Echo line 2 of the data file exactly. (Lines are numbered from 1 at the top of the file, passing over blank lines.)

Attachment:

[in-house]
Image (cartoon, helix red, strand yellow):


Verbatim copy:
Image (cartoon, helix red, strand yellow):